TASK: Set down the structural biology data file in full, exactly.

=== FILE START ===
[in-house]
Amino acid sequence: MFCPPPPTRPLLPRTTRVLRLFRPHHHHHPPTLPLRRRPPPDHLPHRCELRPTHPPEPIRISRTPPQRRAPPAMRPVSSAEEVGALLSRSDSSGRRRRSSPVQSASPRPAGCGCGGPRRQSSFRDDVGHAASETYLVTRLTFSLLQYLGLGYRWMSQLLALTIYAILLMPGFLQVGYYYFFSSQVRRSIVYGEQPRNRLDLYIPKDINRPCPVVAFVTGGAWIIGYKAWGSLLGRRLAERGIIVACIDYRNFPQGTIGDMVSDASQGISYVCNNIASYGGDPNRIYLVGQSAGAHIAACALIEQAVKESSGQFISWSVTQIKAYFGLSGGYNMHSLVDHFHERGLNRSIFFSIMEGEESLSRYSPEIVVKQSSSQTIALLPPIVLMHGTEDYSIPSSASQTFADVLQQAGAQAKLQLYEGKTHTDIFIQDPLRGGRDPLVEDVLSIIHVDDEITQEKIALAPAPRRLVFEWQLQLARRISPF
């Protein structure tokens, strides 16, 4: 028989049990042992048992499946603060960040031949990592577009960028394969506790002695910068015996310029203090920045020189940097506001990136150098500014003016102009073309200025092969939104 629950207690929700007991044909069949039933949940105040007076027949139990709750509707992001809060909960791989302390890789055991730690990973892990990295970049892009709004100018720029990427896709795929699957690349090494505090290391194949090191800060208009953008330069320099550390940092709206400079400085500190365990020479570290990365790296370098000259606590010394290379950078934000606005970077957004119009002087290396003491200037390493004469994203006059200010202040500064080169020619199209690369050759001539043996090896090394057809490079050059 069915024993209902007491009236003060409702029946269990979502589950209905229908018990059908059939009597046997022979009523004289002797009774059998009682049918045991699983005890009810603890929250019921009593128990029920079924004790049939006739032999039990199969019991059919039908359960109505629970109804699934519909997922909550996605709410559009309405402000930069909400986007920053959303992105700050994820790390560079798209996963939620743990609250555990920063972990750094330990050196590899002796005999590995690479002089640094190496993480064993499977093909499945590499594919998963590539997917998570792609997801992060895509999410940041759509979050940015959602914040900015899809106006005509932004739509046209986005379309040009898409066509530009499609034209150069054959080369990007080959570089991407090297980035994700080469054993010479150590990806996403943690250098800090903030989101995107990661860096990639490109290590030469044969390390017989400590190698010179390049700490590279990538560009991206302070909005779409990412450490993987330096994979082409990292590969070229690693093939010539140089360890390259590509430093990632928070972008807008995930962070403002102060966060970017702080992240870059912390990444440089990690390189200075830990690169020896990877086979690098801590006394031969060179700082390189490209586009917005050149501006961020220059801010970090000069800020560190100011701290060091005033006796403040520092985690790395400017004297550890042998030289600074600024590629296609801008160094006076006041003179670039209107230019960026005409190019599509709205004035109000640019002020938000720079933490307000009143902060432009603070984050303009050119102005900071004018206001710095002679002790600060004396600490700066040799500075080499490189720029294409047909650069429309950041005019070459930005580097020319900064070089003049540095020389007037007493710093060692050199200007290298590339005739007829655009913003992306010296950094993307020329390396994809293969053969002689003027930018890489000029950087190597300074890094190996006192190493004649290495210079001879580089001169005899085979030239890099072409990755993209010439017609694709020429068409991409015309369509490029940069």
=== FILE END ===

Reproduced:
[in-house]
Amino acid sequence: MFCPPPPTRPLLPRTTRVLRLFRPHHHHHPPTLPLRRRPPPDHLPHRCELRPTHPPEPIRISRTPPQRRAPPAMRPVSSAEEVGALLSRSDSSGRRRRSSPVQSASPRPAGCGCGGPRRQSSFRDDVGHAASETYLVTRLTFSLLQYLGLGYRWMSQLLALTIYAILLMPGFLQVGYYYFFSSQVRRSIVYGEQPRNRLDLYIPKDINRPCPVVAFVTGGAWIIGYKAWGSLLGRRLAERGIIVACIDYRNFPQGTIGDMVSDASQGISYVCNNIASYGGDPNRIYLVGQSAGAHIAACALIEQAVKESSGQFISWSVTQIKAYFGLSGGYNMHSLVDHFHERGLNRSIFFSIMEGEESLSRYSPEIVVKQSSSQTIALLPPIVLMHGTEDYSIPSSASQTFADVLQQAGAQAKLQLYEGKTHTDIFIQDPLRGGRDPLVEDVLSIIHVDDEITQEKIALAPAPRRLVFEWQLQLARRISPF
């Protein structure tokens, strides 16, 4: 028989049990042992048992499946603060960040031949990592577009960028394969506790002695910068015996310029203090920045020189940097506001990136150098500014003016102009073309200025092969939104 629950207690929700007991044909069949039933949940105040007076027949139990709750509707992001809060909960791989302390890789055991730690990973892990990295970049892009709004100018720029990427896709795929699957690349090494505090290391194949090191800060208009953008330069320099550390940092709206400079400085500190365990020479570290990365790296370098000259606590010394290379950078934000606005970077957004119009002087290396003491200037390493004469994203006059200010202040500064080169020619199209690369050759001539043996090896090394057809490079050059 069915024993209902007491009236003060409702029946269990979502589950209905229908018990059908059939009597046997022979009523004289002797009774059998009682049918045991699983005890009810603890929250019921009593128990029920079924004790049939006739032999039990199969019991059919039908359960109505629970109804699934519909997922909550996605709410559009309405402000930069909400986007920053959303992105700050994820790390560079798209996963939620743990609250555990920063972990750094330990050196590899002796005999590995690479002089640094190496993480064993499977093909499945590499594919998963590539997917998570792609997801992060895509999410940041759509979050940015959602914040900015899809106006005509932004739509046209986005379309040009898409066509530009499609034209150069054959080369990007080959570089991407090297980035994700080469054993010479150590990806996403943690250098800090903030989101995107990661860096990639490109290590030469044969390390017989400590190698010179390049700490590279990538560009991206302070909005779409990412450490993987330096994979082409990292590969070229690693093939010539140089360890390259590509430093990632928070972008807008995930962070403002102060966060970017702080992240870059912390990444440089990690390189200075830990690169020896990877086979690098801590006394031969060179700082390189490209586009917005050149501006961020220059801010970090000069800020560190100011701290060091005033006796403040520092985690790395400017004297550890042998030289600074600024590629296609801008160094006076006041003179670039209107230019960026005409190019599509709205004035109000640019002020938000720079933490307000009143902060432009603070984050303009050119102005900071004018206001710095002679002790600060004396600490700066040799500075080499490189720029294409047909650069429309950041005019070459930005580097020319900064070089003049540095020389007037007493710093060692050199200007290298590339005739007829655009913003992306010296950094993307020329390396994809293969053969002689003027930018890489000029950087190597300074890094190996006192190493004649290495210079001879580089001169005899085979030239890099072409990755993209010439017609694709020429068409991409015309369509490029940069």